Newspaper Archive of
Cheney Free Press
Cheney , Washington
August 19, 1982     Cheney Free Press
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August 19, 1982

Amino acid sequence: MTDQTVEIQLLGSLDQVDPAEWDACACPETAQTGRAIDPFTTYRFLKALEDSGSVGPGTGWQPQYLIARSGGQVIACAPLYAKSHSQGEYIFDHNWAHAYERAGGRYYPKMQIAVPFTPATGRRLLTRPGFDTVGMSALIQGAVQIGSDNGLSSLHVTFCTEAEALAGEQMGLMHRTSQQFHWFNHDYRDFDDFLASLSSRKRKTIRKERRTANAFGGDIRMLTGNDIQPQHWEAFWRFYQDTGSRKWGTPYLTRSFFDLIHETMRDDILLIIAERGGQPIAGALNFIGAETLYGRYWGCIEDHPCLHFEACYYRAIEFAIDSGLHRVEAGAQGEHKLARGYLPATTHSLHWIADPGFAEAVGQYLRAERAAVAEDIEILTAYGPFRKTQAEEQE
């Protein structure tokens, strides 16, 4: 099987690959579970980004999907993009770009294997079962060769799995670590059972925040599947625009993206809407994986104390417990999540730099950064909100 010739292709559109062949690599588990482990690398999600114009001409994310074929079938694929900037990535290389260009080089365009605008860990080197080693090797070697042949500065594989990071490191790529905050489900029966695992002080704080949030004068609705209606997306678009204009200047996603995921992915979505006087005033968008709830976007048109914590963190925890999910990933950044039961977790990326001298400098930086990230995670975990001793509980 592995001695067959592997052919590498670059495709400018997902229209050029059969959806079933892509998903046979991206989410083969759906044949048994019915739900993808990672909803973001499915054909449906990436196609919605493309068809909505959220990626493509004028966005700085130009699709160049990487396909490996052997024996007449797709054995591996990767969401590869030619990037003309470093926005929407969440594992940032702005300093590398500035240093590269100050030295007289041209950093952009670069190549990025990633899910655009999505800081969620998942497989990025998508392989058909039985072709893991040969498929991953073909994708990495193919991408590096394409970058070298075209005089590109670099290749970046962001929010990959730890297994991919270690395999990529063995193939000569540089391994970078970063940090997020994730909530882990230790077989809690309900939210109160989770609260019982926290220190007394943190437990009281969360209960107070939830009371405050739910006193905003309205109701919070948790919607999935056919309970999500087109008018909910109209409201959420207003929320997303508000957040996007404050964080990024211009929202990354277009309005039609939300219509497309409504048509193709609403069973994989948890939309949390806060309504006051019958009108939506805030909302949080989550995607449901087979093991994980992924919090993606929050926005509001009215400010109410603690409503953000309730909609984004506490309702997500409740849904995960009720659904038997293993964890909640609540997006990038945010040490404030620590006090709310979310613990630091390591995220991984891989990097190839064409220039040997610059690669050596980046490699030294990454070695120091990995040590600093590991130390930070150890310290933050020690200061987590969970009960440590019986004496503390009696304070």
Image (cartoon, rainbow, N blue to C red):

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Page 8 Cheney Free Press Thursday, August 19, 1982 Eagles to kick off seas Olympic swimmer visits By Tom Thrun "I've been where they are. If they can hear what happened to me, then they can say, 'Hey, it can happen to me, too!' " That was the comment made last week by U.S. Olympia medalist Debbie Meyer-Reyes while making a special appearance at the Eas[ern Washington University Swimming Camp. Camp Director/Coordinator Dr. Robert Morgenstern noted that it was the first camp of its kind in the Pacific North- west for competitive swimmers in almost a decade. Meyer-Reyes was the first woman ever to win three gold medals in the Olympics for the United States. taking first place in the 200, 400 and 800 freestyle events. That was in 1968 when she was only 16 years old--back when there still was no collegiate swimming competition for women, said Morgen- stern. "I just saw other people doing it (swimming), so I signed up for summer recreation," said the acclaimed athlete, explaining she did not start to swim until age eight "Motivation" now is an important element in her swimming instruction. Traveling about the country, teaching beginning to college-level swimmers, she works to promote the sport of swimming and the concept of self- discipline. ttelping Morgenstern with most of the swimming instruction during the week- long camp was Jerry White, head coach for the Spokane Swim Team and the Spokane Masters Swim Team. "With Debbie, I think it is super that we can revitalize the Olympics idea," said White. "She exemplifies the drive back at least as a club sport," com- mented Morgenstern. White said he was hopeful of ex- panding the swimming camp to two weeks next year, while also holding it earlier in the summer so that the young swimmers could use their new skills the remainder of the summer with their respective swim clubs. Helping White during the Cheney camp was Marsha Morgan of Whit- to keep the Olympics going, and that helps my kids and myself a lot. Without  i': ' i': her. the kids wouldn't know what the : Olympics are all about." ,.-,: " .]: Besides conducting many swimming i camps, Debbie also is employed by 4 Speedo Swim Wear and helps with :   promoting some of the leading swim .'%'"J" i!: equipment there is to be found. Both Morgenstern and White said they were surprised by the capability of many of the young swimmers at the camp. Both also noted their desires to promote the sport in the Inland Empire, even at a time when the varsity swimming program has been cut at Eastern. "Some of us are going to work to get it E:: worth College, as well as Cheney swimmers Juli Morgenstern and Jeanette Brychell. Dr. Morgenstern noted that Brychell will be competing soon in the U.S. Swimming National Championships (Senior Division) at San Jose, Calif. Morgenstern and Armin Arndt of Cheney also will be competing in the National Masters Competition this month at Gresham, Ore. \\; % Olympic swimmer Olympic medallet Dabble Meyer-Reyes last week IllxKI instruct at a swimming camp at Eastern Washington University. At left is head coach Jerry White of Spokane. Local swimmer Cheney swimmers attending the EWU Swim Camp last week, from left, included Sterling Sage and Mike Nation. A total of 65 competitive swimmers from Washington and Montana were present. Swim team Members of the Cheney Novice Swim Team, from front left, Include Ben Weller, Paul Allen, Pat McGinty, Klrsten Maakestad, Jenl Moore, Jenlfer Corlett, Gabi Snyder, Teddy Scott, Thane Hleaw, Miranda Gresham, Jeff Corlett, Kim Schmidt, Lynette Sullivan and Bonnie Ritter. In back, from left, are Bruce McFadden (coach), Tracl Cummings, Mark Maakestad, Eric Hisaw, Kathy Crabb (coach), Ryan Geechke and Dean Grimm. Not pictured are Grog Geechke, Mike Wallace, Jeff Hazeltlne, Lisa Weigel, Debble Weigel, Dean Batty, Joe Epperson, Susan Epperson, Jana Johnson, Susan Green, Margle Holden, Rory Uibel, Mlchelle and Melissa Paetz, Tami Lott and Cary Traher. Local swimmers place The Cheney Novice Swim Team, coached by Kathy Crabb and Bruce McFadden, has completed another summer session and with very good results. Crabb reported a total enroUlment of 33 youth swimmers at the Cheney public Swimming Pool, many of whom placed in the top three finishes in their ge groups after the points they earned uring the summer were added up. As a team, the Cheney Novice Team consist- ently finished second out of a field of nine teams. Individual honors went to: Thane Hisaw, 3rd, boys age 8 and under group; Eric Hisaw, 1st, boys 9-10; Ryan Geschke, tied for third, boys 9-10; Jeni Moore, 2rid, girls 11-12; Mike Wallace, 2rid, boys 13-14; Lisa Weigal, 1st, girls 13-14; Kim Schmldt, 2rid, girls 13-14; Bonnie Ritter, 3rd, girls 13-14; and Debbie Weiga!, 2rid, girls 15-18. Also during the summer, Eric Hisaw broke the butterfly record. "We were very pleased," said Crabb. "They (the swimmers) worked very, very hard." Crabb also extended her thanks to the parents who cooperated in the effort. ,, KIDS and BOYS' BOOT JEANS 12 oz. 100% Cotton Denim Washes wrinkle-free Sizes 2-16 Reg. & slim Authentic western styling M ENS' J EANS Bib overalls Unlined Denim Coveralls Unlined Denim Jackets NEW FOR FALL GRANGE SUPPLY i18 Union St. Cheney, WA 235-6274 Eastern Washington University will begin preparations for its 1982 football season this weekend when almost 100 candidates will gather in Cheney to start fall practice. Freshmen and transfers will as- semble for registration and orientation on Friday. The remainder of the squad, which will include 29 lettermen, will report Saturday. Coach Dick Zornes, approaching his fourth season at his alma mater, has scheduled equipment issue, prephysi- cal examinations and meetings for Saturday. Picture day activities will run from 1-3 p.m. Sunday when the remainder of the day will be devoted to testing and meetings. Practice will start Monday. Drills will be held twice daily, for two hours each, at 9:30 a.m. and 3 p.m. Two-a- days will continue thr,,agh Saturday, Sept. 4 EWU will open its 10-game schedule, facing Weber State College, on Saturday night, Sept. 11. Zornes, wearing 14 stitches in his upper lip and hobbled by a back injury after a racquetball accident last Fri- day, announced that Eastern has picked up five additional recruits, four of them transfers, who are expected to make significant contributions. The additions are offensive tackle David Flutts (Downey, Calif.), running back Roscoe Horne (Minneapolis), line- backer Don Granger (Lynwood, Calif.), defensive lineman Jonathan-Hayes (Omaha} and running back Carlton Henderson (Los Angeles). Flutts, a transfer from Southern California, Horne and Hayes, transfers from Nebraska, will be freshmen in eligibil- ity. Granger transfers from Nevada- Las Vegas. He will be a senior. Henderson was a June graduate from Locke High School. Flutts was a Cen- tenary All-American at Warren High where he was an All-San Gabriel League selection and a second team All-California Interscholastic Federa- tion tCIF) choice. The 6'7", 255-pound lineman is expected to be a strong candidate for a starting berth at offensive tackle where the top four performers from the 1981 EWU season all graduated. Horne and Henderson could be blue chip catches, fortifying an already strong running game led by seniors Dean Brady and Mike Andersen. Horne is a graduate of Minneapolis Central High School where he once gained over 300 yards in only seven carries against Washburn High. Horne, 6'0", 205, has 4.4 speed, and he tailback on the depth Henderson, a can last fall, ran for carries in a wishbonei All-city, All-South BaY ! League in the Los with gaining honors asl valuable player. 5'9", 180. Horne also was a in high school, both on offense Hayes was used ass and offensive guard Omaha. The 6'5" All-State and twice and was the year as a senior. Granger, 6'1", at UNLV where side linebacker. He 4.5 for the "We entered the few specific needs, we have filled most said. "We needed and in the defensive starting tackle versatility on the and Henderson could t running backs." Master Gardening tips Elsie L. Jarvis Spokane County Master Gardner The word MULCH is defined by Webster as "A protective covering (sawdust, compost or paper) used on the ground esp. to reduce evaporation, prevent erosion, control weeds or en- rich the soil." There are other organic materials that can be used, also, such as straw, peat moss, ground bark, manure and leaves. Lawn clippings are also a good mulch material, but only if spread out and thoroughly dried first. However, if you have used weed killer on the lawn, do not use the clippings as mulch or it will also kill your garden plants. Manufactured materials that are also used as mulch include newspapers, polyethylene film and aluminum foil. To cultivate or hoe the ground is helpful in creating a "dust" mulch but the water drops from rain or sprinkler creates a cement effect by packing small particles between larger ones until water can no longer get through. What we are considering, of course, is applying a mulch at this time of the year, after the soil is thoroughly warm. If applied too early it is more of a detriment than a help. The reasons for mulching are as stated above: 1) to reduce evaporation. Just shading bare soil will keep 30 percent of moisture from evaporation, but a good mulch can increase this amount to 70 percent. So you can not only save on water, but keep the soil more evenly moist as well. 2) Prevent erosion. When water drops from rain or sprinkler hit the mulch it breaks them up and allows the water to spread more evenly and with less force. Also keeps dirt from washing up onto the leaves. 3) At Your Ubran,, New adult fiction at your library includes: THE CARE OF TIME by Eric Ambler; a gripping spy thriller, as Ambler does so well. FUNERAL GAMES by Mary Renault; Alexander the Great lies on his deathbed, and his heirs gather to compete for the spoils. Historical fiction, set in Asia, Egypt and Greece. FAMILY TRADE by James Carroll; Jake McKay, first as a university student and later as a professor, lies at the core of a tremendous international secret, and must ply his family's trade (espionage) even against his will. PANDA BEAR IS CRITICAL by Fern Michaels; Davey,'a five-year- old hemophiliac, becomes involved with a killer in this suspense-chase novel. TILL MORNING COMES by Han Suyin; forbidden love between Stephanie Ryder, beautiful daugh- ter of a Texas millionaire, and Dr. Jen Yong, agent of Communist revolutionaries, set in China during the closing days of World War II through the Cultural Revolution. FLANAGAN'S RUN by Tom McNab; Flanagan, a flamboyant promoter, inspires a 1931 footrace from Los Angeles to Central Park in New York. Non-fiction includes: CAN'T AFFORD TO TRAVEL FOR RECREATION? STAY IN CHENEY AND BOWL LEAGUE! We have openings for men, women, mixed, and kids. Leagues start in early Sept. Call now. SUMMER HOURS UNTIL FURTHER NOTICE: Closed Sunday & Monday Open 7p.m. to 11 p.m. Tuesday thru Saturday CHENEY BOWL 1706 2nd 235-6278 MAMMALS OF THE NATIONAL PARKS by Richard Van Gelder; an introduction to 60 species of mammals common to the nation's park systems and monuments. Also includes descrip- tions of the parks. JUNE ALLYSON by June Ally- son, a sparkling autobiography of the perennially favorite actress, with photos. TOUGH LOVE by Pauline Neff; how parents can deal with drug abuse through the Palmer Drug Abuse Program. EPPIE by Margo Howard; the story of Ann Landers as seen through the eyes of her daughter. ONLY THE FACTORY SELLS FOR $ Controls weeds if most weed seedlin way through. This is for using black kinds of weeds and the soil. By plowing mulches in the fall over you add crop. A word of have used any well aged it will soil. To overcome this fertilizing your crop amount of fertilizer Other advantages that root systems fruits such as cucumber that tend t0 damp soil will be happening if thee is Also, if you have layer of mulch falling fruit from In applying a mulch, how much to put on fine the material is. coarse can be four sawdust is fine sufficient. Using black increase yields and s such things as summer: peppers and definite advantage the season is none too The plastic should be want your row and the edges with soil shaped like a cross needed to insert The plastic will coming through, it moisture, keep reflect heat to the Some gardeners like crops such as Jerusalem artichokes winter to dig as neede thick layer of leaves, them from freezing. story. - OM- .... LEASING SPECIAL -" THE TIME TO LEASE August only! TRUCKS FOR SUMMER LUV TRUCKS $49.00 Under Dealer's Cost '82 S-10s as low as $6299.00 '82 Diesel 6.2 Liter Pickup "Clear them out" 4% Over Invoice '82 C-70 Series 2-Ton Farm Truct Reg. $22,760. Harvest Special $17 ANDERBERG Where Price & Service Makes 235-6232 235-6231 CHENEY Respectfully yours,